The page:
A real estate agent will take care of contacting sellers, setting up appointments to view houses, and submitting the paperwork to make an offer or close a sale.

Make an offer

When you find the house in Maine that’s right for you, all that’s left to do is make an offer and wait for the seller to accept it. 
Your real estate agent can give you advice about how much you should offer based on the real estate market conditions in the area, contact the seller’s agent, and help you submit all the necessary paperwork to buy your new home.

How to save on homeowners insurance

To protect your new house in case of damage or a disaster, having a good homeowners insurance policy is a necessity.
To avoid the hassle of shopping around for homeowners insurance yourself, let insurance broker app Jerry take care of all the shopping and comparisons for you.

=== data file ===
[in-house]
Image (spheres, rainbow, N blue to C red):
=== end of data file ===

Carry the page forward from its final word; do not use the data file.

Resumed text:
All you have to do is answer a few questions and Jerry will do the rest, getting you competitive quotes from top insurance companies to get you matched with the right coverage at the lowest price.
Jerry had a super simple app that was easy to navigate. And their terrific customer service made everything even easier. Plus I saved $700 in a single year.” —Lucia M.

FAQs

Since your down payment and closing costs will depend on where you live in Maine, your mortgage, and the kind of house you are looking for, you’ll need to factor all these things in when estimating the down payment and closing costs for a house in Maine.
In general, though, you’ll want to have around 25% of a house’s value saved up for a down payment and closing costs together.
To qualify for a standard mortgage in Maine, you’ll need a credit score of 620 or higher. If you have a lower score, you may be eligible for low-credit loans from the Federal Housing Administration (FHA) or the Veterans Administration (VA).
If you are looking for the least expensive places to buy a house in Maine, you’ll want to look for a home in places like Caribou, Presque Isle, Gardiner, and Calais. If you are looking for an urban lifestyle, cities like Portland, Lewistown, and Bangor may be best.